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Engineering Materials - Physical Material Properties


Engineering Materials

Physical Properties


General Physical Properties


Density is one of the most fundamental physical properties of any material. It is defined as the ratio of an objects mass to its volume. Because most designs are limited by either size and or weight density is an important consideration in many calculations.

Density is a function of the mass of the atoms making up the materials and the distance between them. Massive, closely packed atoms characterize high density materials such as Tungsten or Neptunium. In contrast light, relatively distant atoms compose low density materials such as Beryllium or Aluminum. Density on a macroscopic level is also a function of the microscopic structure of a material. A relatively dense material may be capable of forming a cellular structure such as a foam which can be nearly as strong and much less dense than the bulk material. Composites including natural constituents such as wood and bone, for example, generally rely on microscopic structure to achieve densities far lower than common monolithic materials.



Availability and manufacturability requirements are often unseen limiting factors in materials selection. The importance of a material being available is obvious. Materials which are not available cannot be used. The importance of processibility is not always so obvious.

Any other desirable qualities are useless if a material cannot be processed into the shape required to perform its function. Most engineering materials in use today have well known substitutes which would perform better and often at lower cost but processes for forming, cutting, machining, joining, etc. are not available or commercially viable. There is often a period of time after a new material is introduced during which its application is severely limited while processing techniques are developed which facilitate its use.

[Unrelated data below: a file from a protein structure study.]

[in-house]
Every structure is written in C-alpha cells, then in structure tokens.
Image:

A materials cost is also generally a limiting factor. While cost is universally recognized and perhaps the easiest of all properties to understand there are specific cost considerations for materials selection. Just as materials and their processing go hand in hand so do material costs and processing costs. Understanding the entire processing sequence is critical to accurately evaluating the true cost of a material.



Because the appearance of many mechanical components seems fairly trivial it is also easy to overlook its importance in the marketing and commercial success of a product.



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